Clean mathematical web pages
It was first here to link to other mathematical webpage but as there wasn't much of stuff, I want it in one webpage, because I tend to better make sense of informations when it's presented in the same page, like when I'm programming though. Later if things grow to much I will make a new file, like when programming though.
Take the units you have side to side, multiply them or divide them as needed to cancel units. If you need to flip units, just do :
I found it a really great way to understand some concepts, like in high school we tend to put a value in the other side of the equation and inverse its sign without thinking. But when you realize that if you do the same thing with a weight, it feels obvious that you need to cancel the same weight on the other side in order to keep it balanced.
It's a good way to get ride of one unknown. don't forget that value without unknown can be nulled, it permit to have two expressions equal, it makes it really easy to delete unknown. When a pair of equations both have the same expression on one side, we can set their opposite sides equal
When you have fractions in an expression with different denominator, most of the time you can know the number to multiply them in order to get rid of the fraction by multiplying the denominator (when two different. denominators). Note that you can multiply by the multiple of the number find previously. It's useful when mutliplying the denominators gives you a big value. So you get the number from both denominators and you take a multiple of it (smaller). This value is called the least common multiple
Rules from brilliant.org :
"When equations involves fractions, we can scale to remove the fractions.
- if an equation only has one fraction, we can scale by its denominator.
- if an equation has multiple fractions, we can scale by the least common multiple of the denominators."
We are talking about two unknown here.
Id est if you have
Y values only in two equations, you can try to get something like
X = Y + 2 then replace all
X terms by it and ends up with only one unknown.
There is two general paths:
X, we can isolate
Yis not easily isolated, we can first isolate
Xand then solve for
Yinstead. Then solve for
"When one variable is a product of other variables, we say it varies jointly with them.
That means changing just one of the factors makes it vary directly with the product."
x.y = z means if we double
y we double
"A product varies jointly with its factors. When we make one of the factors constant, the product varies directly with the other factor."
ΔX (X' - X'')the more you approach
ΔA / ΔX
In the context of a square.
while learning Calculus in Brilliant.org, they told me "As we push the two points infinitely closer together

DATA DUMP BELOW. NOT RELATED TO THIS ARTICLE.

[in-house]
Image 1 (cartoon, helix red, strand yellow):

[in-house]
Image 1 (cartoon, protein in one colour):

ΔA / ΔX gets infinitely closer to
2. This leads to perhaps the most important concept in Calculus. Is it true ?"
The reason is because Δx2 shrinks to zero
@To-Learn: Is it true?
In order to retrieve the formula
ΔA = 2 X ΔX + ΔX² just draw the square and find the formula.
As I am learning it, I found the statement that infinitely small is not to be bother wrong. Even if a very small value is almost nothing why not counting it? I know Newton create this field and of course I don't doubt the truth in it but I am wondering if in atomic quantities it's still true? Is calculus only useful in everyday physics?
@To-Learn: Is it a physicist thing? On wikipedia and related science does not write mathematics in it but phycics
What does the derivative is that it delete terms in order to simplify the expression of the parabole (function). It's funny as it makes me think of the recurrent joke between physicists and mathematiciens, indeed physicist is like "ho it's true enought !" when they do mathematics
Slope = rise / run = (y''-y') / (x''- x')
[YT] Handmade Hero 043 - 'Can you derive the 1/2at^2 part of the position equation again?' explains how a non-math person would be always right when writing derivative.
You can be always right on the power you use in the first derivative by understanding that in order to keep a variable in the last derivative you will have to keep by having
X power of it. Id est you have
f'' you will have to have
f because you will still have it in
f'' as everytime add one, you take one power to it.
Think of it as a linear function in wich you move up or down each points from the "root" linear equation.
It's way more useful to understand visually what it means than learning by heart a formula. [Brilliant.org] Distributive property (not free)
Only works if you have a squared operation. Indeed it won't work with:
[Wikipedia] Distributive property